Stocks regained momentum on Friday, trimming earlier losses to trade near unchanged after the S&P briefly hit a key technical level.

The S&P has fallen four straight days as the stalemate in Washington on a debt-reduction deal spurred selling. Volatility has risen with the outcome of the talks uncertain.

The S&P earlier in the session fell below its 200-day moving average, a key level of technical support, but quickly rebounded.

U.S. President Barack Obama told deeply divided Republicans and Democrats to stop bickering and find a way out of this mess.

The United States will be unable to borrow money to pay its bills if Congress does not raise the debt limit by August 2.

Rick Bensignor, chief market strategist at Dahlman Rose in New York, said the turnaround was likely due to computer-driven buy programs designed to be triggered at that level.

When you see a market move that fast, it's machine-driven, he said.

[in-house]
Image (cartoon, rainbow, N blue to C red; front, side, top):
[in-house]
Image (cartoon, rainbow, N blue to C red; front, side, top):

The Dow Jones industrial average <.DJI> dropped 60.39 points, or 0.49 percent, at 12,179.72. The Standard & Poor's 500 Index <.SPX> was down 3.26 points, or 0.25 percent, at 1,297.41. The Nasdaq Composite Index <.IXIC> took off 2.25 points, or 0.08 percent, at 2,764.00.

Analysts still expect lawmakers to reach a deal before August 2. Even if one is not reached, investors expect disruptions to be brief.

It's obviously problematic, but we're not going to default, said Bryant Evans, portfolio manager at Cozad Asset Management, in Champaign, Illinois.

Weak economic data still weighed on equities. The U.S. economy stumbled badly in the first half of this year and came dangerously close to contracting in the January-March period.

Wall Street was on track to post its worst weekly losses in more than a year. The S&P has lost 3.9 percent so far this week. The last time the index fell this much on a weekly basis was in early July last year.

Chevron Corp , the second-largest U.S. oil company, reported a 43 percent jump in quarterly profit, beating estimates as strong oil prices and fatter refinery margins offset a drop in oil output. Still, shares fell 0.4 percent to $104.62.

On the New York Stock Exchange, about two stocks fell for every one rising. Breadth was a little better on the Nasdaq, where ten stocks rose for every 14 falling.

(Reporting by Ashley Lau; additional reporting by Ryan Vlastelica, Chuck Mikolajczak and Caroline Valetkevitch; editing by Jeffrey Benkoe)